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One of the finest photographic museums in the world is right here in Joburg. It even has one of just three examples of the first negatives ever made.
PICTURES can paint a thousand words, as the saying goes. Photographs can capture a moment in time to revisit later, and they can tell stories to the viewer who may not even have been there.

Golden Rectaflex camera. Late 40sGolden Rectaflex camera. Late 40sJoburg’s Bensusan Museum of Photography documents the rich history of photography, in the form of antique equipment, original photos, and books that date back to the 1800s. It also houses some of the best global photographic collections.

Housed on the top floor of Museum Africa – at 121 Bree Street, Newtown – this exhibition space is also unusual in that it has a photo gallery that concentrates on contemporary collections, says Diana Wall, the curator of collections at Museum Africa.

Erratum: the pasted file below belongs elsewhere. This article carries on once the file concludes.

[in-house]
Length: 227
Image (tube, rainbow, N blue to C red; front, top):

The uniqueness of the museum lies in the fact that there are only three such museums in the world, she adds. It houses a variety of cameras, printing plates, books and magazines, original photos as well as other artefacts dating back to the first negative ever made.

Not many people preserve heritage, but the Bensusan Museum of Photography does, she says. “We preserve objects and photographs.”

While technology advances at a rapid rate in the outside world, visitors to the museum can take a break from the pace and journey into the past, where they can learn about the start of this modern form of art.

Arthur Bensusan
The museum was established in 1968 by Dr Arthur Bensusan, an amateur photographer and one-time Johannesburg mayor who donated his entire 30-year collection of 400 antique cameras, 5 000 photographs and 2 000 photographic books, some of which date back to 1860.

No. 4 folding Kodak camera. 1890No. 4 folding Kodak camera. 1890In November 1968, he was quoted by the Rand Daily Mail newspaper as saying: “The museum will illustrate the history of photography and the history of South Africa as seen through the eye of the camera.”